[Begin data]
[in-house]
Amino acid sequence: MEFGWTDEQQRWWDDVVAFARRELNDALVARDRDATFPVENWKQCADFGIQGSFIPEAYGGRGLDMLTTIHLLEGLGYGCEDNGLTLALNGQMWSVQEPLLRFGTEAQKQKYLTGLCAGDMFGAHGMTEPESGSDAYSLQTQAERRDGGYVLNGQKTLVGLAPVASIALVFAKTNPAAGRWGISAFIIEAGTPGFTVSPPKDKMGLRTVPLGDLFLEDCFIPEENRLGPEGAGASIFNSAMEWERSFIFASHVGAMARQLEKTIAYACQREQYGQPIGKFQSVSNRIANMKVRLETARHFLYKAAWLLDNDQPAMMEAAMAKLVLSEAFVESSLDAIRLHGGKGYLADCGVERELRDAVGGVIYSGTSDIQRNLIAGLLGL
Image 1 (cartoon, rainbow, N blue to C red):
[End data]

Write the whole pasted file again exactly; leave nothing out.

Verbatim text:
[in-house]
Amino acid sequence: MEFGWTDEQQRWWDDVVAFARRELNDALVARDRDATFPVENWKQCADFGIQGSFIPEAYGGRGLDMLTTIHLLEGLGYGCEDNGLTLALNGQMWSVQEPLLRFGTEAQKQKYLTGLCAGDMFGAHGMTEPESGSDAYSLQTQAERRDGGYVLNGQKTLVGLAPVASIALVFAKTNPAAGRWGISAFIIEAGTPGFTVSPPKDKMGLRTVPLGDLFLEDCFIPEENRLGPEGAGASIFNSAMEWERSFIFASHVGAMARQLEKTIAYACQREQYGQPIGKFQSVSNRIANMKVRLETARHFLYKAAWLLDNDQPAMMEAAMAKLVLSEAFVESSLDAIRLHGGKGYLADCGVERELRDAVGGVIYSGTSDIQRNLIAGLLGL
Image 1 (cartoon, rainbow, N blue to C red):